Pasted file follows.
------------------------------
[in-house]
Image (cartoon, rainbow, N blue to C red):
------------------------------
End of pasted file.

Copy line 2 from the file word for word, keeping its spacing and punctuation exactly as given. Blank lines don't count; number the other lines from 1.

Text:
Image (cartoon, rainbow, N blue to C red):